Sleep’s First Half Crucial for Brain Reset

Summary: During the first half of sleep, the brain actively weakens the synaptic connections formed during wakefulness, supporting the Synaptic Homeostasis Hypothesis on the purpose of sleep. This finding suggests that sleep serves as a crucial reset that prepares the brain for new learning by reducing synaptic strength.

The researchers observed that synaptic weakening mostly occurs in the first half of the night, aligning with the peak of slow-wave activity, while the function of the latter half remains less understood. This insight into sleep’s role in synaptic modulation could have implications for understanding human sleep and its essential functions in brain health.

Key Facts:

  1. Synaptic Weakening During Sleep: The study demonstrates that the brain reduces synaptic connections primarily during the first half of sleep, suggesting a reset mechanism that prepares for new learning the next day.
  2. Role of Sleep Pressure: The extent of synaptic weakening is dependent on the sleep pressure accumulated; higher sleep pressure leads to more significant synaptic reduction.
  3. Implications for Napping: The findings suggest that shorter naps during the day, when sleep pressure is lower, may not offer the same synaptic weakening benefits as nocturnal sleep.

Source: UCL

During sleep, the brain weakens the new connections between neurons that had been forged while awake – but only during the first half of a night’s sleep, according to a new study in fish by UCL scientists.

The researchers say their findings, published in Nature, provide insight into the role of sleep, but still leave an open question around what function the latter half of a night’s sleep serves.

This shows a woman sleeping.
For the study, the scientists used optically translucent zebrafish, with genes enabling synapses (structures that communicate between brain cells) to be easily imaged. Credit: Neuroscience News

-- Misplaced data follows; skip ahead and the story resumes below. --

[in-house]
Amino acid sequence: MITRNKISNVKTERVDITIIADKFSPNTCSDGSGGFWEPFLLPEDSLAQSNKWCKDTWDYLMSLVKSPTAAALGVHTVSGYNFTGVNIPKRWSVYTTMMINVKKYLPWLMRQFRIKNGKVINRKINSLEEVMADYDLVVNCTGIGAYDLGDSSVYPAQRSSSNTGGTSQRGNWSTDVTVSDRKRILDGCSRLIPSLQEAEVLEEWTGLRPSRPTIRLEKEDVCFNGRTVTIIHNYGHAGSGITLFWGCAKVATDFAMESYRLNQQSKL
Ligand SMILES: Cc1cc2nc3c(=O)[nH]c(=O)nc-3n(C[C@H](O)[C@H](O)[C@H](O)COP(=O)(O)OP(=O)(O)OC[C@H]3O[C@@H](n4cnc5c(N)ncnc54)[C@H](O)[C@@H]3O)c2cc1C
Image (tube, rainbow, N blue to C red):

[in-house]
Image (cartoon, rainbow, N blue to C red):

The researchers say the study supports the Synaptic Homeostasis Hypothesis, a key theory on the purpose of sleep which proposes that sleeping acts as a reset for the brain.

Lead author Professor Jason Rihel (UCL Cell & Developmental Biology) said: “When we are awake, the connections between brain cells get stronger and more complex. If this activity were to continue unabated, it would be energetically unsustainable. Too many active connections between brain cells could prevent new connections from being made the following day.

“While the function of sleep remains mysterious, it may be serving as an ‘off-line’ period when those connections can be weakened across the brain, in preparation for us to learn new things the following day.”

For the study, the scientists used optically translucent zebrafish, with genes enabling synapses (structures that communicate between brain cells) to be easily imaged. The research team monitored the fish over several sleep-wake cycles.

The researchers found that brain cells gain more connections during waking hours, and then lose them during sleep.